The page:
A physiotherapist treating a patient's ankle.Have you had an ankle injury within the past 2 years? Are you still dealing with ankle issues after a full repair? Are you still trying to figure out why you can’t walk like you used to? In that case, this blog will definitely answer some of those questions! Read on to find out what’s missing.

We all know our feet and hands are one of the most sensitive parts of our body. The amount of information constantly being sent to our brain is astounding! The ankle, specifically, plays a crucial role in our movements. The muscles of our leg help us propel the feet, allowing us to move. Hence, the most obvious symptom after an ankle injury is difficulty walking. The amount of weight we bear on our ankles makes it painful and uncomfortable, so we lay off until the tissue heals. However, the other not-so-obvious but crucial symptom, is your balance! Today we’re going to talk all about that.

How the Ankle Works

As a joint, the ankle has muscles and ligaments that control its movements. An ankle injury could be anything from an innocent sprain to a fracture in your lower leg. The ligaments around the ankle ensure that it is held in a good, stable position and moves according to the activity we are doing (i.e. walking, running, jogging, standing).

Apart from this, the ankle also has a lot of ‘receptors’ that are constantly telling your brain what’s going on with the feet. A constant feed is sent in terms of where you are stepping, what surface you are on, and what position your feet are in so that you don’t have to use your other sense (vision) constantly. All of these structures work in perfect harmony to ensure that you don’t fall the moment you step out of bed!

What Happens After I Sprain My Ankle?

Now, this is the most interesting part. If you ask yourself “what direction did I twist my ankle in?”, more often than not, the answer will be inwards. The most common mechanism of injury for the ankle is the foot being turned/twisted inwards. Why? Well, that’s a blog for another day! Now, we’ll fast forward to what happens after the soft tissues heal and you are able to walk.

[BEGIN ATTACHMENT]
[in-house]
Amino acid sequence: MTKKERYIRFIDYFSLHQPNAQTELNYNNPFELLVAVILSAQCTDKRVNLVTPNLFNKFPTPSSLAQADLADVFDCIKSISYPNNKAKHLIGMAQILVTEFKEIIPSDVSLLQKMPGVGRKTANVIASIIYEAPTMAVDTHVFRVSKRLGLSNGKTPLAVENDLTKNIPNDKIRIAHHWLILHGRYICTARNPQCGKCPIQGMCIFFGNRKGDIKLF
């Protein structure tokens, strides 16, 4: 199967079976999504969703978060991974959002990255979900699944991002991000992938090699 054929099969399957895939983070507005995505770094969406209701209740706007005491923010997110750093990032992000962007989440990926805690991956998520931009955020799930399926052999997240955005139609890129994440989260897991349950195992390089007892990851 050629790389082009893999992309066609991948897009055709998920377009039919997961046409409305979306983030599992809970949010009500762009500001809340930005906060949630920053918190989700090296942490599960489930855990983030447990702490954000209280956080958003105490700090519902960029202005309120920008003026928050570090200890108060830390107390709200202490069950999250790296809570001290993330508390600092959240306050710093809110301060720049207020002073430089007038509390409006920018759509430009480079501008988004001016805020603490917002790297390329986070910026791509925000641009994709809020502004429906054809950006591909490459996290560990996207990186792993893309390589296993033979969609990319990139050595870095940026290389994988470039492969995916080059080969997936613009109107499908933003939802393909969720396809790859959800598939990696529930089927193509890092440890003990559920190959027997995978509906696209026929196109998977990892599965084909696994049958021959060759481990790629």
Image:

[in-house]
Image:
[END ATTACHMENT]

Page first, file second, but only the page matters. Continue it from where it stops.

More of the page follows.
Now, ask yourself, how many times have I sprained my ankle again, since the first time? Again, more often than not, the answer is multiple times! Why?

Here’s why: after an injury to the ankle, we divert all our attention to the pain, the swelling, and the discomfort we feel after. What we tend to not pay attention to, are those receptors we were discussing a while ago. Your ankle heals, your muscles are strong, but those tiny little foot soldiers (pun intended), have forgotten how to send signals to your brain! Therefore, your brain is getting some messages from your ankle and it has to now call in the big guns for the rest. Hence, you find yourself always looking at your feet when you are walking to maintain your balance.

That’s the reason why you then keep reinjuring the ankle!

What Do I Do?A person wearing white balancing on one leg on a wooden deck.

A very important part of your post injury rehabilitation is your balance training. When you see your physiotherapist after the injury, she will incorporate balance exercises to retrain those receptors. The balance training will include training on one leg, training on unstable surface, training with your eyes closed – just so we can jumpstart that system back up again!

Hence, if you have been struggling to figure out why you keep reinjuring the same ankle again and again, book an appointment with your friendly neighborhood physio and let her assess your balance. A good balance exercise program could help you take care of that ankle!


Footprint Health and Wellness Centre is a multi-disciplinary clinic located in South Barrie, offering chiropody, physiotherapy, and massage therapy services. Book your appointment now!

You might also like:

Jasleen Grewal

About Jasleen Grewal

Jasleen Grewal is a trained Physiotherapist with 4 years of experience. She completed her Bachelor's in Physical Therapy in India and went on to take up her Master's (Neurological) in the same, from England. She has since been treating patients with a variety of orthopaedic and neurological conditions. She also holds multiple certifications in manual therapy from India.